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    Dovetailed Hardware Organizer - Part II





    more on woodworking safety

    Tools and Materials

    In Part I of my series on building a hardware organizer using scrap wood, I focused on cutting the tricky dovetail joinery as well as cutting the groove for the box bottom. Now in Part II, we'll wrap things up by outfitting the box with a series of dividers and gluing it all together.


    How to Make

    Chamfer the Bottomclick to enlarge

    Chamfer the Bottom: The bottom of my box was cut milled to a thickness that perfectly fits the corresponding groove in the sides. In order to help the bottom to be able to expand and contract a bit with the seasons, I like to chamfer the bottom edges a bit using my block plane. Be sure to chamfer the end grain first, then go back and chamfer the long grain sides—this will “erase” the blowout that inevitably occurs when you chamfer the end grain.

    Chamfer the Bottomclick to enlarge

    Cut the Dadoes: Now it’s time to cut the dadoes for the all the dividers. Tackle the two dadoes for the sides first. Mark the center of one of the sides, then tape the two sides together—edge to edge and line up the tick mark with your saw blade. Make the cut using your miter gauge and an auxiliary fence. By cutting them both at the same time, you can ensure they will be in perfect alignment. The long center divider will fit into these dadoes. Next, use a similar technique to mark and cut the dadoes in the two long sides as well as the center divider itself.

    Chamfer the Bottomclick to enlarge

    Prepare for Glue-Up: A great trick for gluing up dovetail joinery is to wax some soft pine cauls ahead of time. Use these during glue-up (see the next photo). The joinery will press into the soft pine cauls during clamp up, ensuring a tight glue-up, and the wax will ensure that your cauls won’t end up glued to the workpiece.

    Chamfer the Bottomclick to enlarge

    Glue it Up and Check for Square: Apply glue to the dovetail joinery and just a bit on the center portion of the end grain of the bottom panel—remember not to apply glue all around the panel, this will cause problems as the panel won’t be permitted to expand and contract with seasonal humidity changes. Finally, assemble the box and use the cauls for glue-up. Don’t forget to check your box for square by measuring the two diagonals. Those measurements should be equal. A variance of within 1/8-in. is OK however. Don’t get TOO finicky.

    Chamfer the Bottomclick to enlarge

    Light Glue for the Dividers: When gluing in the dividers, just apply a dab of glue somewhere in the top half of the dado. As you push each divider down into place, the glue will spread itself around. Remember—you don’t need much.

    Chamfer the Bottomclick to enlarge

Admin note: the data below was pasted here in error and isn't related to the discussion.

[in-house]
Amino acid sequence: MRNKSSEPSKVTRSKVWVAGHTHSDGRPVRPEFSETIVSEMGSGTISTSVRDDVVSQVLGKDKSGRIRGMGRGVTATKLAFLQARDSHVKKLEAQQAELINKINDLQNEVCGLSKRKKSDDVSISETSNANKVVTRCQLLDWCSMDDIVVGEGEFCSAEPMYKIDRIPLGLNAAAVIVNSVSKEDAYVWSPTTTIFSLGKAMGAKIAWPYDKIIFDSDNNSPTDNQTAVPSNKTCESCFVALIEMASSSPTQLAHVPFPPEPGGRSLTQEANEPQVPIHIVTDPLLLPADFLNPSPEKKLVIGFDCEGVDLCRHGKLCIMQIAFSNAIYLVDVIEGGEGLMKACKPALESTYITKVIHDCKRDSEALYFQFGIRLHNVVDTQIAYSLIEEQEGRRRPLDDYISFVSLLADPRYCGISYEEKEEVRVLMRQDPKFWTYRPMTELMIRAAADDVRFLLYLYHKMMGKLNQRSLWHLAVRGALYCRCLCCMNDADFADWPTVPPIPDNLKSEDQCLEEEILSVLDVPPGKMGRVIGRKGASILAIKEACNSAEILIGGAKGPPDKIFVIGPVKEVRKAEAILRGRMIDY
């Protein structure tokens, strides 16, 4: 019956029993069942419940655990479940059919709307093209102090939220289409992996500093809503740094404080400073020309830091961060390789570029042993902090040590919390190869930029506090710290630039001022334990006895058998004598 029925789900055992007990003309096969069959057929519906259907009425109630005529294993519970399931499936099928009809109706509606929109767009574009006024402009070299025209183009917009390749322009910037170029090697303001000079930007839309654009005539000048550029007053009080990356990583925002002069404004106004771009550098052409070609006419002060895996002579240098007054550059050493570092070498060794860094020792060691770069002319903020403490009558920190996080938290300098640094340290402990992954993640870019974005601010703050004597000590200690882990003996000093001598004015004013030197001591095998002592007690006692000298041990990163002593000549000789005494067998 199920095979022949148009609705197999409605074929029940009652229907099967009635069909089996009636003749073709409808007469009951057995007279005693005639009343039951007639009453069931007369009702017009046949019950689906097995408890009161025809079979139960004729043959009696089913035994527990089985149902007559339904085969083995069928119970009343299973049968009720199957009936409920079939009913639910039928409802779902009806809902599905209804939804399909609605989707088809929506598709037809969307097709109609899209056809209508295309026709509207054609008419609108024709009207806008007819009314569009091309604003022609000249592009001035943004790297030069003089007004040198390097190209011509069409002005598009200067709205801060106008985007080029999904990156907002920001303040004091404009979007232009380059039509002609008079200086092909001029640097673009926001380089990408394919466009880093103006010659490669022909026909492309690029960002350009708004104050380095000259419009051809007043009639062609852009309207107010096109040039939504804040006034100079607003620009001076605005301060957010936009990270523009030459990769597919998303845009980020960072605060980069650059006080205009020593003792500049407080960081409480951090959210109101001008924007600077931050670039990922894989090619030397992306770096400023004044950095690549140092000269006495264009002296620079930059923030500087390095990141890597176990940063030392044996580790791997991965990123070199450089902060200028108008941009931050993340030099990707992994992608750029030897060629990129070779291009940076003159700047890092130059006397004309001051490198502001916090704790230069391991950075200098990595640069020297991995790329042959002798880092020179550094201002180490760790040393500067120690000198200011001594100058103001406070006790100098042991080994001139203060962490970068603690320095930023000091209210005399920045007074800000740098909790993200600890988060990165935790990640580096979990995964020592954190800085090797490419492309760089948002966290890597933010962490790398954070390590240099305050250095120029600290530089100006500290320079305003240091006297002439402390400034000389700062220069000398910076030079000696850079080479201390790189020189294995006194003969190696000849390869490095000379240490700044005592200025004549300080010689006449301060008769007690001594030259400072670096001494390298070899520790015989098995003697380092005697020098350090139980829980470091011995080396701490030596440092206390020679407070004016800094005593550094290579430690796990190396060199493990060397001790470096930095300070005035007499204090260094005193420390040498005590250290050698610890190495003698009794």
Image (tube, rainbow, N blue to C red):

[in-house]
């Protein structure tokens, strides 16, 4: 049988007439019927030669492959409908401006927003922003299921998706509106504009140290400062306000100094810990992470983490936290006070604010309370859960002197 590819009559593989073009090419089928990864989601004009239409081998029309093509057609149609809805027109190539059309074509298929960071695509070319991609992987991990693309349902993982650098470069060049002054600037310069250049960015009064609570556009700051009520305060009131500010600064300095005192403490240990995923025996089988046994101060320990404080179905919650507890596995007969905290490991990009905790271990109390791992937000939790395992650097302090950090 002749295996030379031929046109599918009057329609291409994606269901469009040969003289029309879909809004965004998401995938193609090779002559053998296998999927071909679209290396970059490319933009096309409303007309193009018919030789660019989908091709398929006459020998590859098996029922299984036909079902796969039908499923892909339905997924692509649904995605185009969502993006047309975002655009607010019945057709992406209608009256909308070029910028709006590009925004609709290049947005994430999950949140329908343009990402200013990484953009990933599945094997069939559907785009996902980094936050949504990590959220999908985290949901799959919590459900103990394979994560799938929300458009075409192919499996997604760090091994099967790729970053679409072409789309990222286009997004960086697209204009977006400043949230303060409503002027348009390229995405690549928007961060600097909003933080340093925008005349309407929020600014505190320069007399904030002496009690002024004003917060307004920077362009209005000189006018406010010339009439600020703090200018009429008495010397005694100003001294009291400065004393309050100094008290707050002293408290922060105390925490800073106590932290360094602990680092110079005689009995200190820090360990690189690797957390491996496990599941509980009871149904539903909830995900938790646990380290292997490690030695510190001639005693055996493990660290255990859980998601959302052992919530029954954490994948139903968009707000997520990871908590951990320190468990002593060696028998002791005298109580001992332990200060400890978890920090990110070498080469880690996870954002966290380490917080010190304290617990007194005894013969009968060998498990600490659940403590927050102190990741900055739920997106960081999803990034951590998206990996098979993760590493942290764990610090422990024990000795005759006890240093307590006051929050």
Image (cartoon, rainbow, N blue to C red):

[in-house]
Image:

Slide in Dividers and Clamp with Cauls: I glued up all the dividers along one half of the box and then used a caul to clamp them into place.

    Chamfer the Bottomclick to enlarge

    Glue in Remaining Dividers: Once that first set of dividers has dried up, you can go ahead and glue in the remaining ones.

    Chamfer the Bottomclick to enlarge

    Flush the Dividers: I purposely ripped the dividers so that they would stick up, slightly proud of the edge of the box sides. This was done so that I could go back and handplane them down—using my block plane—to a perfectly flush fit with the surrounding wood.

    Chamfer the Bottomclick to enlarge

    Handplaning - Break the Corners: The next step in the process is to handplane the sides of the box, in order to make all the dovetail joinery nice and flush. As your plane travels over the corners of the box however (see next photos), it’s easy to blow out some of that delicate end grain. To avoid this, use a block plane to put a very small chamfer on each of the four corners.

    Chamfer the Bottomclick to enlarge

    Handplaning - Clamping: Clamping up a drawer, or a box like this, for handplaning can be a challenge. My method was to clamp the piece in my front vise and insert a bit of scrap wood under the center of the side in order to keep it from flexing during handplaning. You need a solid surface on which to handplane atop of.

    Chamfer the Bottomclick to enlarge

    Handplaning: Now go ahead and handplane the outer faces of each of the four box sides. Your ultimate goal is to have dovetail joinery that is perfectly flush all the way around the box. When passing a finger along each corner, you shouldn’t be able to feel any of the joinery.

    Chamfer the Bottomclick to enlarge

    Break the Edges: Now use your block plane and perhaps a bit of sandpaper on a sanding block (for those areas you can’t reach with the plane) to gently ease, or “break” all the sharp edges on your organizer. Your goal should be edges that aren’t sharp to the touch. Rather, you want some small micro-bevels on all those edges. They should be pleasing to the touch.

    Chamfer the Bottomclick to enlarge

    Ready for Action: And here’s the final product, ready for action. As far as a finish was concerned, I went with a simple wax finish. Here’s a tip: to make the wax easier to apply, dab a bit of mineral spirits to your rag, then apply the wax to the rag and rub it into the wood. The mineral spirits will act as a solvent and make the wax more pliable. It’s easier to rub into the wood, will dry more quickly, and looks great!



    Ed_Pirnik